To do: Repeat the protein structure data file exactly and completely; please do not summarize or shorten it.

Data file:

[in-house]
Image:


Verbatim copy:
[in-house]
Image: